Photo depicting a Black- and female-presenting individual in a red skirt dancing against a blue-lit stage.

Struggling Art Sector Is Critical to State’s Recovery, Report Shows

by Agueda Pacheco Flores

A new report — quantifying the pandemic’s toll on Washington arts and culture institutions — warns the damage still isn’t done but identifies the arts as a key element in the state’s overall recovery. 

Leaders from across the state, such as Seattle Art Museum’s CEO Amada Cruz and Spokane Arts’ Executive Director Melissa Huggins, joined ArtsFund’s President and CEO Michael Greer last week to highlight the importance of the art sector. Leaders also made an urgent call for state leaders to prioritize funding for the arts. 

“Washington’s cultural institutions have been significantly impacted as a result of this pandemic,” Greer said during his opening remarks at last week’s report presentation. 

COVID Cultural Impact Study: Charting the state of Washington’s cultural nonprofits reveals new insights into the future of the arts based on data collected from more than 200 organizations across the state. The report also surveyed 737 patrons of the arts as well as an additional 874 people representative of Washington State residents. 

The report revealed that over the two years of the pandemic, there has been a $95.9 million loss in revenue across the 121 organizations that participated in the study. And while nearly all (93%) of participating organizations received at least one form of pandemic relief, BIPOC-identifying art organizations tended to have a harder time accessing relief funding. 

“BIPOC organizations in our sample tended to be smaller in budget size and our study showed smaller budget size organizations accessed fewer relief funding sources from State, County, and federal programs, only compounding this issue,” Greer said. 

Despite BIPOC-owned art organizations experiencing a 29% increase in revenue during the first year of the pandemic, by 2021 a 50% decrease was projected, effectively bringing their revenue below their 2019 amount.

Photo depicting Simone Porter playing their violin while standing in front of violin section of Seattle Symphony performing at Benaroya Hall.
Simone Porter performs with Seattle Symphony musicians at Benaroya Hall, conducted by Shiyeon Sung. (Photo: James Holt)

The report also found that organizations have learned to juggle reopenings and mask mandates and have generally welcomed patrons back. Though half of “cultural participants” (defined as persons who attended at least one cultural event since March 2020) surveyed reported that they plan to spend 50% less on cultural activities than before the pandemic. 

Arts organizations were among some of the first institutions to pivot their programming online during the pandemic, leading the way in virtual innovation. The report points out that those pivots increased accessibility and brought in new audiences but need more investment if they are to continue to innovate.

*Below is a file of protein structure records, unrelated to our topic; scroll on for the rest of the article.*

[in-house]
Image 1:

“The opportunities to rethink business models and organizations are exciting,” the report reads. “But financial support and flexible time and space to transform operations are needed to take advantage of them.”

Rita Meher, the executive director of Tasveer, one of the largest South Asian arts organizations in the country, said the pandemic helped them gain a global audience as they teamed up with smaller arts organizations. Now, they have launched their first ever streaming project, offering 50 award-winning films. 

Huggins said the contributions of the art world during this pandemic have been integral. Beyond the numbers, she said, is a “deeply human side” to the work that’s being done in the creative sector. 

“Creatives are exhausted in a way I’ve never seen before; however, what they have been able to accomplish despite everything we’ve faced is awe-inspiring,” she said.  

And the public agrees. The survey reveals that “joy through art” was one of the main reasons they would continue to participate in attending cultural events and supporting cultural organizations. They also noted that art and culture organizations play a key role in “community unity and vitality.” And nearly half of those surveyed said they saw cultural organizations as playing a key part in the economic recovery of the state. 

“Throughout the report, there’s examples about how artists have found new ways to connect to audiences, create mutual aid, comfort people, help spread public health messaging,” said Huggins. “And that work is needed more than ever.”

Agueda Pacheco Flores is a journalist focusing on Latinx culture and Mexican American identity. Originally from Querétaro, Mexico, Pacheco is inspired by her own bicultural upbringing as an undocumented immigrant and proud Washingtonian.

📸 Featured Image: Dancer mid-performance on stage. (Photo: Erik Stuhaug, courtesy of LANGSTON, Gansango Africa Remix.)

Before you move on to the next story …

The South Seattle Emerald is brought to you by Rainmakers. Rainmakers give recurring gifts at any amount. With around 1,000 Rainmakers, the Emerald is truly community-driven local media. Help us keep BIPOC-led media free and accessible.

If just half of our readers signed up to give $6 a month, we wouldn’t have to fundraise for the rest of the year. Small amounts make a difference.

We cannot do this work without you. Become a Rainmaker today!